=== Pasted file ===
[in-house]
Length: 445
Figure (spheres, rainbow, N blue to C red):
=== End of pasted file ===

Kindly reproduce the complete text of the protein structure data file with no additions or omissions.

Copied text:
[in-house]
Length: 445
Figure (spheres, rainbow, N blue to C red):